Erdogan expects Germany's permission to speak at mosque opening

Turkey's President Recep Tayyip Erdoğan awaits German authorities' answer to his application to make a speech at the opening ceremony of a mosque in Germany's northern city of Cologne during his diplomatic visit to Germany on Sep. 27-29, Turkish news outlet Diken said

German police, suggesting a state of emergency to be declared in Berlin, is considering Erdoğan's visit as "the riskiest" visit since former U.S. president George W. Bush came to Germany in 2002, Diken wrote. 

President Erdoğan wants to speak to Turkish community living in Germany at the opening ceremony of a mosque linked to DİTİB, according to Diken.

DİTİB is a Turkish-Islamic Union for Religious Affairs, Germany's largest Islamic organisation, with a network of around 900 mosques and 800,000 members.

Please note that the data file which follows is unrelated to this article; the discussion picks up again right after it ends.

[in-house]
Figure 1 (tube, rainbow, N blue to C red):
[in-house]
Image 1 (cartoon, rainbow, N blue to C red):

DİTİB was accused of its clerics spying on suspected supporters of US-based preacher Fethullah Gulen, whom Ankara blamed for plotting a failed coup in June 2016.  In January 2017, Germany’s chief federal prosecutor opened an investigation into possible spying by clerics sent by Ankara, Reuters reported.

President Erdoğan will meet German Chancellor Angela Merkel and German President Frank-Walter Steinmeier during his visit, and they are expected to discuss a range of issues including the arrests of several German citizens in Turkey, according to German state-run international broadcaster Deutsche Welle.
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